I used to have more mom-related demands in some areas (diaper changing, mess-clean-up, bathing and feeding kids) and a lot less in others (driving to activities, helping with homework, dealing with moods, emotions, and friend drama). As my mom always says, life doesn’t get easier – it just gets different.
If you are like most moms, you probably know what it’s like to have hurtful words screamed at you by an angry child. In her blog post “How to Respond to Your Child’s Hurtful Words,” blogger Nina Garcia gives nine strategies for responding with respect, love, and confidence.
If you are in the early years of motherhood with little ones at home, this book is for you. The book feels like a conversation with a friend, one who invites you to reflect and examine how you can “stop and smell” your children more.
In this episode, Saren (mother of five children ages 10-15) talks with Janelle (mother of 5 children ages 1-7) share three concrete (and totally do-able!) coping strategies for dealing with the hard stuff that comes with having small children who are close in age.
My mother-in-law is the chattiest grandma you have ever met. I’m not really a “baby person” so I don’t naturally start chatting away at them. But I wondered if she was on to something. According to a the most recent issue of the New Yorker, apparently she was.
So often we use our instincts to respond to the needs of our children. We go with our gut. But what if our gut is wrong? Amanda Hamilton Roos shares her discovery of what really matters when instincts lead you astray.
Looking for some fantastic books to share with your children? There were a number of excellent picture books published in 2013. Catherine Arveseth’s list this year includes some old books, some new-ish, and a bunch that are brand new.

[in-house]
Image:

We’re all about looking our children in the eye, validating their feelings, and helping them feel important and heard. While I agree that it’s absolutely vital to acknowledge and validate a child’s feelings, I actually think there are times when the best thing you can do for them is to simply ignore them.
Author Kim John Payne asks if we are building our families on “the four pillars of ‘too much’: too much stuff, too many choices, too much information, and too fast.” Then he discusses four layers of simplification: 1) environment; 2) rhythm; 3) schedules; and 4) filtering out the adult world.
It takes real effort on the part of parents, and sometimes a long time for children, to realize that the world does not revolve around them. Check out these tried-and-true methods for teaching children to be a bit less selfish.
This will help small children realize that feelings are caused by what has happened — and that it is okay to feel things and okay to tell others honestly how we feel.
As a new mom, I noticed all the little flaws in other people’s parenting because I was unsure of my own skills. But now, nine years into my parenting journey, I’ve learned that, on some days, just getting out of the house with everyone wearing shoes is a victory.